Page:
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How To Plant Perennials

Updated on June 3, 2016
Perennial Phlox comes in white, purple, pink, salmon and red and make beautiful cut flower arrangements.
Perennial Phlox comes in white, purple, pink, salmon and red and make beautiful cut flower arrangements.
Lilies add beauty and fragrance to your perennial garden.
Lilies add beauty and fragrance to your perennial garden.
Oriental Poppies
Oriental Poppies
Foxglove (digitalis) adds height to an early summer garden and bees and humming birds love them.
Foxglove (digitalis) adds height to an early summer garden and bees and humming birds love them.

Digging a Large Enough Hole is the key to Success

Planting perennials correctly will ensure you'll have years and years of beautiful foliage and flowers. It's fairly easy if you plan and prepare.

There is a saying about perennials, ‘the first year they sleep, the second year they creep and the third year they leap.' Many nurseries sell baby perennials that may take several years to mature and bloom and this often causes people to think the plants aren't healthy and give up on them. If they leave them alone they'll be pleasantly surprised, but if they yank them out the second year, they'll be losing their money and wasting their time. I purchase the larger, more mature perennials. This means I can afford fewer, but I know they're going to bloom that year or the next.

What you'll need:

Your plant (of course)

Shovel or spade

Compost: If you haven't started your own compost pile - star now. In the mean time you can buy bags at the local nursery - look for 'organic'.

Bone Meal



1. Make sure you plant your perennial in a spot that gets the recommended sun exposure. Full sun is at least six hours of direct sun per day.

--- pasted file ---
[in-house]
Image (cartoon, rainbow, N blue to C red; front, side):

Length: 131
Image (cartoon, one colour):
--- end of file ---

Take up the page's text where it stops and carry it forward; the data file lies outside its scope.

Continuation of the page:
2. Dig a hole twice as large big around as the container your plant came in. dig it several times wider than the roots. I put the soil on a tarp or trash bag to make it easier to fill in around the plant once it's in place.

2. Sprinkle a handful of Bone Meal in the bottom of the hole. Bone Meal is simple pulverized animal bones that break down very slowly into the soil and release nutrient. It's used mostly by people when planting fall bulbs, but I give all of my perennials this treat to help them grow healthy roots. Again, look for organic.

3. On the tarp mix the compost, manure and half of the soil.

4. Take the plant out of the pot and gently loosen the soil from the roots at the bottom to encourage them to seek nutrients from the ground and grab into their new 'bed'.

5. Place the plant in the middle of the hole.

6.. Fill in around the plant with the compost, manure, soil mixture and tamp it down gently with hour hands as you go.

7. When the soil fills the hole half-way, water it well.

8. Finish filling the hole with the soil that is left and tamp down gently.

9. Water again until all the soil is evenly moist.

10. Cover the top of the soil with a layer of mulch (I like cedar because it repels insects and pests). Evenly spread about 3 inches of mulch.

You're done! I know it may seem like a lot of fuss, but after you do it a couple of times, it's like most gardening activities, it will come naturally. You'll have beautiful flowers or foliage, and in a few years you can divide the plant and have more or give them to friends and family.


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